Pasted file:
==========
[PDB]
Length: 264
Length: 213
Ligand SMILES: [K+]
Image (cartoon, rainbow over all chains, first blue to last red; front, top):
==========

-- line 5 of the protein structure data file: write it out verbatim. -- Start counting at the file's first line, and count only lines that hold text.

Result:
Image (cartoon, rainbow over all chains, first blue to last red; front, top):